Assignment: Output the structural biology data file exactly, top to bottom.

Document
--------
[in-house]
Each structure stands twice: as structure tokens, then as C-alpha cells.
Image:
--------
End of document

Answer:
[in-house]
Each structure stands twice: as structure tokens, then as C-alpha cells.
Image: